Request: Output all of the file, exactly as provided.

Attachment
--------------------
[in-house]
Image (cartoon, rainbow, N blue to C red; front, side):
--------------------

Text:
[in-house]
Image (cartoon, rainbow, N blue to C red; front, side):